Page 223 - Jewish Book Annual Volume 25

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adult versions. Among the most beautifully illustrated and well
written of such books are those edited by DeAngeli, D ejong , De-
LaMare and Komroff. T h e most recent development in Bible
stories for children is found in Josephine Kamm’s
K ing s , P ro p h e ts
a n d H is to r y : A N e w L o o k A t the O ld T e s tam e n t
(New York,
McGraw-Hill, 1965), in which she discusses selected B ible stories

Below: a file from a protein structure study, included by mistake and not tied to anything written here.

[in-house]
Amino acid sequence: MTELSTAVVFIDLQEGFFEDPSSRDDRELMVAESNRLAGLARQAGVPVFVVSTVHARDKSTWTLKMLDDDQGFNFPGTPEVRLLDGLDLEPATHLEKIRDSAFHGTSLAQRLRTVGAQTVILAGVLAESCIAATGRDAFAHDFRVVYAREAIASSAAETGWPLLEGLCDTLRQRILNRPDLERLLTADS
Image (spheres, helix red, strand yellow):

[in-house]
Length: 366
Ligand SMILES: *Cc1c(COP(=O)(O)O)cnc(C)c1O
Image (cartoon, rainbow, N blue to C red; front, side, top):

in relation to recent archaeological finds and studies.
Th is survey has not touched upon textbooks, or reference books,
or books dealing w ith religious practices. These areas as well
as those mentioned are surely bound to receive the attention
they deserve. Hopefu lly publishers will find ways to keep good
titles in print (in hard cover or paperback), and hopefully ways
w ill be found, perhaps through foundations and fellowships, to
subsidize authors who have the skill and desire to write books
of Jewish content for children.
— A
mer ican
ew ish
uven ile